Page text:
11. GunnieWell Known MemberMember

    I don't use plant fertilizers in my tanks and all my tanks are low light tanks. My plants do just fine without the ferts, and I don't use CO2. CO2 is great for higher light tanks, but if you have just standard lighting I wouldn't recommend using it. With CO2 you run the risk of a CO2 dump which could occur at a time when you aren't necessarily there, and you will come home to a tank full of dead fish. In my opinion, It is not worth the risk to my fish to use it. If I had a tank with plants that require high light and CO2 to flourish, I would probably not have any fish in it. If you don't get the CO2 level right, your fish will die. There are many plants out there that you can use to create a beautiful tank without all the fancy equipment. This article is a good starting point with examples:

  12. JasonWell Known MemberMember

    Ok thank
    Good link by the way
  13. 0morrokhFishlore VIPMember

    About the wood, the tannins that color water brown and lower the pH are very good for Amazon fish like your Angels & Neons. I don't think it will effect the water fast enough to hurt your fish.
  14. IsabellaFishlore VIPMember

    Thank you Omorrokh. Your comment relieved my worries :) I am very glad to hear that wood is actually good for my fish. Now I can't wait until I put some nice piece(s) inside. My tank should look so much better and more natural with wood in the background of plants. Thanks all :D
  15. 0morrokhFishlore VIPMember

    After boiling, soaking the wood several times in a bucket of water until it turns brown will help keep it from discoloring your water.
  16. IsabellaFishlore VIPMember

    To Okmorroh, or JustinT (or anyone): when I soak my driftwood, exactly for how long should I leave it in the water? I understand that I am supposed to soak the wood several times. But my question is about the duration of each soaking. As I see it, after soaking I should rinse it. But ... boiling ... do I boil it BEFORE or AFTER soaking? And for how long should I boil it each time? Any comments appreciated :)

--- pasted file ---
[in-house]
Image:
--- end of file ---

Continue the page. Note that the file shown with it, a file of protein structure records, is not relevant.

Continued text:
17. JustinTNew MemberMember

    What I would do is start with boiling it. Boil for about five or ten minutes just to kill any initial bacteria (or whatever) it may have in it. Then rinse it off and soak it for ummm...I'd say about half an hour. Then I would boil it again and repeat the process. I don't think it really matters how long you do these things as long as the first time you boil it, you boil it long enough to disinfect it. Really, that would only be a couple of minutes, but I'd do it five to ten just to be sure. Just clean it until you feel comfortable with putting it into your aquarium. If you have an extra tank and you're still uncomfortable with it, try putting it in there with a feeder fish or two before you put it in your tank with all your good fish. That will be proof that it's alright to put in your good aqaurium.
  18. IsabellaFishlore VIPMember

    Okay Justin, thanks :D
  19. JustinTNew MemberMember

    No problem Isabella ;)
  20. IsabellaFishlore VIPMember